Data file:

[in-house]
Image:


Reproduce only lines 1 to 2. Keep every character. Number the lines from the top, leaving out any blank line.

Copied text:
[in-house]
Image: